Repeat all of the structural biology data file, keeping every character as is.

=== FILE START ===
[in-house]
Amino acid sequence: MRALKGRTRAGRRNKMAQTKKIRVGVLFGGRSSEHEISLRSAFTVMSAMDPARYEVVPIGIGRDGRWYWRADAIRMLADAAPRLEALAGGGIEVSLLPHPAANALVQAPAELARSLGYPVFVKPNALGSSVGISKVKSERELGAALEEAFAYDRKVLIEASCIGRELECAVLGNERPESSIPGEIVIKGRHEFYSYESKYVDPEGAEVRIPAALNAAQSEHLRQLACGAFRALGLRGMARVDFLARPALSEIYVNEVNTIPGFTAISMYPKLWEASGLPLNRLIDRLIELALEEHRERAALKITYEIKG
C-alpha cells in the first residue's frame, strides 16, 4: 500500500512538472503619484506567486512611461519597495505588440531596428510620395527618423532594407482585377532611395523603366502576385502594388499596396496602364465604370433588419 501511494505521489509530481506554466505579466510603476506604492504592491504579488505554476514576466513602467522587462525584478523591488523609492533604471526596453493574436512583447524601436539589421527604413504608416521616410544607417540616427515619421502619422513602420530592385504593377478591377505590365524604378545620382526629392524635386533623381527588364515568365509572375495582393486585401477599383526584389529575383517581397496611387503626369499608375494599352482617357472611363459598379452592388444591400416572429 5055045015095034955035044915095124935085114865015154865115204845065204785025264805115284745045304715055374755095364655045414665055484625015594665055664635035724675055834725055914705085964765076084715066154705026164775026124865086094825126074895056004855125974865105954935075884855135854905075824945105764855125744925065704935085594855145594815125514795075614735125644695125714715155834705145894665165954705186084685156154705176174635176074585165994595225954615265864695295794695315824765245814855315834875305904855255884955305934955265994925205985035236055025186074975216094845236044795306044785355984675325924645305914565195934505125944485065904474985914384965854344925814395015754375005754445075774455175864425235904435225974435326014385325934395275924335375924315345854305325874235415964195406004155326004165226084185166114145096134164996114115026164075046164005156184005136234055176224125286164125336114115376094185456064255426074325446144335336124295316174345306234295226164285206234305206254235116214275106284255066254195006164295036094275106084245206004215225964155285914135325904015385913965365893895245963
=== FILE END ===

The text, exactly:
[in-house]
Amino acid sequence: MRALKGRTRAGRRNKMAQTKKIRVGVLFGGRSSEHEISLRSAFTVMSAMDPARYEVVPIGIGRDGRWYWRADAIRMLADAAPRLEALAGGGIEVSLLPHPAANALVQAPAELARSLGYPVFVKPNALGSSVGISKVKSERELGAALEEAFAYDRKVLIEASCIGRELECAVLGNERPESSIPGEIVIKGRHEFYSYESKYVDPEGAEVRIPAALNAAQSEHLRQLACGAFRALGLRGMARVDFLARPALSEIYVNEVNTIPGFTAISMYPKLWEASGLPLNRLIDRLIELALEEHRERAALKITYEIKG
C-alpha cells in the first residue's frame, strides 16, 4: 500500500512538472503619484506567486512611461519597495505588440531596428510620395527618423532594407482585377532611395523603366502576385502594388499596396496602364465604370433588419 501511494505521489509530481506554466505579466510603476506604492504592491504579488505554476514576466513602467522587462525584478523591488523609492533604471526596453493574436512583447524601436539589421527604413504608416521616410544607417540616427515619421502619422513602420530592385504593377478591377505590365524604378545620382526629392524635386533623381527588364515568365509572375495582393486585401477599383526584389529575383517581397496611387503626369499608375494599352482617357472611363459598379452592388444591400416572429 5055045015095034955035044915095124935085114865015154865115204845065204785025264805115284745045304715055374755095364655045414665055484625015594665055664635035724675055834725055914705085964765076084715066154705026164775026124865086094825126074895056004855125974865105954935075884855135854905075824945105764855125744925065704935085594855145594815125514795075614735125644695125714715155834705145894665165954705186084685156154705176174635176074585165994595225954615265864695295794695315824765245814855315834875305904855255884955305934955265994925205985035236055025186074975216094845236044795306044785355984675325924645305914565195934505125944485065904474985914384965854344925814395015754375005754445075774455175864425235904435225974435326014385325934395275924335375924315345854305325874235415964195406004155326004165226084185166114145096134164996114115026164075046164005156184005136234055176224125286164125336114115376094185456064255426074325446144335336124295316174345306234295226164285206234305206254235116214275106284255066254195006164295036094275106084245206004215225964155285914135325904015385913965365893895245963